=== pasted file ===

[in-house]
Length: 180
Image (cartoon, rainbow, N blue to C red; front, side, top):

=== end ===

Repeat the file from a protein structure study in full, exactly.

[in-house]
Length: 180
Image (cartoon, rainbow, N blue to C red; front, side, top):